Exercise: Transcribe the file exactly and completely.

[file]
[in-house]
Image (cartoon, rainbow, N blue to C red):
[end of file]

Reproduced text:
[in-house]
Image (cartoon, rainbow, N blue to C red):